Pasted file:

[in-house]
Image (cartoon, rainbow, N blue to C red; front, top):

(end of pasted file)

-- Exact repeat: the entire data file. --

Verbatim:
[in-house]
Image (cartoon, rainbow, N blue to C red; front, top):